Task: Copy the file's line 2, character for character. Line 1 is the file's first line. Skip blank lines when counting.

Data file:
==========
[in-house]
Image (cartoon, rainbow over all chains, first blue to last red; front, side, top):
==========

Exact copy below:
Image (cartoon, rainbow over all chains, first blue to last red; front, side, top):